crowd·​fund·​ing ˈkrau̇d-ˌfən-diŋ How to pronounce crowdfunding (audio)
: the practice of obtaining needed funding (as for a new business) by soliciting contributions from a large number of people especially from the online community

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Crowdsourcing and crowdfunding are two words that have recently found their way into the crowded pool of English. Crowdsourcing, which typically refers to the practice of soliciting services, ideas, or content from a large group of people online, was coined by Jeff Howe in a 2006 article in Wired, and crowdfunding was created by entrepreneur Michael Sullivan in that same year. Both words conceptualize "the crowd" as a vast online community from which something needed may be obtained. In crowdsourcing, the crowd is called upon for needed assistance or information. A well-known use of crowdsourcing is Wikipedia, whose content is the result of various contributors. Crowdfunding, on the other hand, involves a more specific request: the crowd is solicited for financial contributions to a particular venture or cause, such as a film project or cancer research.

Examples of crowdfunding in a Sentence

Recent Examples on the Web To raise funds, Weston-Roy kicked off a 30-day online fundraising campaign last month on the crowdfunding platform Indiegogo. La Risa R. Lynch, Journal Sentinel, 7 May 2024 Her Hollywood star was secured following a $50,000 crowdfunding campaign that drew international attention and donations in 2023. Brian McCollum, Detroit Free Press, 21 Mar. 2024 The most ambitious crowdfunding campaigns have raised enough money to buy not just small items like gloves but heavy battlefield equipment as well. Daria Mitiuk, New York Times, 7 Mar. 2024 Perhaps the most damning aspect of this is that paying for expensive care with crowdfunding is no longer seen as unusual; instead, it is being normalized as part of the health system, like getting bloodwork done or waiting on hold for an appointment. Elisabeth Rosenthal, Fortune Well, 13 Feb. 2024 But, for those who discover brands early on; whose consistent purchases, crowdfunding contributions, and word-of-mouth endorsements contribute to a growing buzz, the resulting sense of pride and ownership is, perhaps, fair. Ebony Flake, Essence, 29 Mar. 2024 In every crowdfunding case, Palestinians will rely on contacts abroad to help set up the campaign and receive donations on their behalf. TIME, 25 Mar. 2024 The Ukrainian government said in September that crowdfunding had accounted for 3 percent of Ukraine’s total military spending since the war began. Daria Mitiuk, New York Times, 7 Mar. 2024 Mack, the human rights lawyer, said crowdfunding has significantly bolstered the settler outposts. Julia Frankel, Quartz, 22 Feb. 2024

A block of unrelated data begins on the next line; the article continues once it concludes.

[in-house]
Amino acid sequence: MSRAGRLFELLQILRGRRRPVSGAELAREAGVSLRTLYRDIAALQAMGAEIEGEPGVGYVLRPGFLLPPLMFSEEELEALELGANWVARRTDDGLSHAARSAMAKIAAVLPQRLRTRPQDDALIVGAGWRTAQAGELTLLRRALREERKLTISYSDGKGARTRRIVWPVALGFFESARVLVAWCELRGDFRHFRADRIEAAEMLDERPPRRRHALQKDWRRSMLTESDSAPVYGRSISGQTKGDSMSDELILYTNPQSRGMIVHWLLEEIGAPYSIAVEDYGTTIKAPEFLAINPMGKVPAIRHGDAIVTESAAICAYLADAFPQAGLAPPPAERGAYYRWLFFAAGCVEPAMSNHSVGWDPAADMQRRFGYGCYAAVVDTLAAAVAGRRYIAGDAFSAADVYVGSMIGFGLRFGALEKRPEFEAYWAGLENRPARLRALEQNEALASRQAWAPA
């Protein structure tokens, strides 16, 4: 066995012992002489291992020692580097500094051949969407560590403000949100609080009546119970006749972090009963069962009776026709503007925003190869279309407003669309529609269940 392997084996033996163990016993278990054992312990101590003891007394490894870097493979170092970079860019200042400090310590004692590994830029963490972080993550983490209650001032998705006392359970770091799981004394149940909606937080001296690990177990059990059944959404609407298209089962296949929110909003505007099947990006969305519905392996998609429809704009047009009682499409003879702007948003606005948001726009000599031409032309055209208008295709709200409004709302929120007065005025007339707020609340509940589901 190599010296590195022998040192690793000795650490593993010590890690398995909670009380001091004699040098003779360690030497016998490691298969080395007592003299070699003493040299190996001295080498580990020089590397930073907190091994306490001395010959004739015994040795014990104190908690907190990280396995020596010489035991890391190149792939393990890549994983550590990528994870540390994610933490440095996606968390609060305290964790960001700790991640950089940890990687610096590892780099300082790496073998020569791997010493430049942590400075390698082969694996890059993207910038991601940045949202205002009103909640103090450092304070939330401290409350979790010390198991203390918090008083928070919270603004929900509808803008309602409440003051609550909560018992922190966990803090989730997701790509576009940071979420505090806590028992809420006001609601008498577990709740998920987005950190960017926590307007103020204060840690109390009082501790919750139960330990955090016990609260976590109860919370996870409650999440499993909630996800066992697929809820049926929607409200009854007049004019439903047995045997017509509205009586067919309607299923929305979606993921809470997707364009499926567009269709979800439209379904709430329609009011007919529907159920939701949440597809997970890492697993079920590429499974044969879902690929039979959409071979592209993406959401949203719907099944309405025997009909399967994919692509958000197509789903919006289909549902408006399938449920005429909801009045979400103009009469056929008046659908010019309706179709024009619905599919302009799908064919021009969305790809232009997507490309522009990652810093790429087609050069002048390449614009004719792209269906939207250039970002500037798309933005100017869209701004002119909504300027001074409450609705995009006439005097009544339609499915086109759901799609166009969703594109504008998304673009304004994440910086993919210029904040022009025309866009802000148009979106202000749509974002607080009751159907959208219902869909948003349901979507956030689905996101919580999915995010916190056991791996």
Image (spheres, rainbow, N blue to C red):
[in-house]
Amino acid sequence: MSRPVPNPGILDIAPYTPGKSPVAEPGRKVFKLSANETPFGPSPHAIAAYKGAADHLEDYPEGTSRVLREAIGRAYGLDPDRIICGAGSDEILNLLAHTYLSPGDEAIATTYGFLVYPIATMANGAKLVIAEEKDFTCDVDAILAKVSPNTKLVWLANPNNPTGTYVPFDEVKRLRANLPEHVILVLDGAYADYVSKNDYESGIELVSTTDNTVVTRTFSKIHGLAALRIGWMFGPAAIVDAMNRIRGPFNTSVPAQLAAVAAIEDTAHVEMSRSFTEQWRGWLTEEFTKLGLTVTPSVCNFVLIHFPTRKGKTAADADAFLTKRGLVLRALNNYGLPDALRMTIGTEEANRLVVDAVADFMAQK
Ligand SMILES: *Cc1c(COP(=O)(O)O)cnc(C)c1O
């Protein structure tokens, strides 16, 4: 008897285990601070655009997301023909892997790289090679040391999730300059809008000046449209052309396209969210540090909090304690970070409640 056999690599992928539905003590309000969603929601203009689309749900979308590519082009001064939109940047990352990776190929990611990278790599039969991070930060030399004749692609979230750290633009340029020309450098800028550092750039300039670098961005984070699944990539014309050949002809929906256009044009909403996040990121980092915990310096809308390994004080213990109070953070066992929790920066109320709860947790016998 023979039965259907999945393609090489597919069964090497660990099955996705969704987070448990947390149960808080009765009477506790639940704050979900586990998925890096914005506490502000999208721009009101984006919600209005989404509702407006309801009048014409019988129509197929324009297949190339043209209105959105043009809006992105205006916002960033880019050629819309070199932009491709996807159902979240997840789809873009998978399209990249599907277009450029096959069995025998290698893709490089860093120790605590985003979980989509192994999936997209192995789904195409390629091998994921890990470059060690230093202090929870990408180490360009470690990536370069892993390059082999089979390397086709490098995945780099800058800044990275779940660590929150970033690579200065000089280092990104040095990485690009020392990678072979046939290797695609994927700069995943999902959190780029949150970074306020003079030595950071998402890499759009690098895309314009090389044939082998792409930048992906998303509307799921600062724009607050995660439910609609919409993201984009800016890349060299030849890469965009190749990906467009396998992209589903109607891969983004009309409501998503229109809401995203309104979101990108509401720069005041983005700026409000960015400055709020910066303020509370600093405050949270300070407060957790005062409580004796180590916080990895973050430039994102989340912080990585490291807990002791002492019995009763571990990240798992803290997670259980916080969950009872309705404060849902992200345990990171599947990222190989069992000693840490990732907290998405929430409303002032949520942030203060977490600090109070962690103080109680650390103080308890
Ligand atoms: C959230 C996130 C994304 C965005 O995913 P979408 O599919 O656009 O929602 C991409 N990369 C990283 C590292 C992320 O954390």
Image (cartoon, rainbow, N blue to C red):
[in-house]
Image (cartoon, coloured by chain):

These examples are programmatically compiled from various online sources to illustrate current usage of the word 'crowdfunding.' Any opinions expressed in the examples do not represent those of Merriam-Webster or its editors. Send us feedback about these examples.

Word History


from gerund of crowdfund

First Known Use

2007, in the meaning defined above

Time Traveler
The first known use of crowdfunding was in 2007


Dictionary Entries Near crowdfunding

Cite this Entry

“Crowdfunding.” Dictionary, Merriam-Webster, Accessed 23 May. 2024.

Kids Definition


: the practice of obtaining funding (as for a new business) by seeking contributions from a large group of people and especially from the online community
Last Updated: - Updated example sentences
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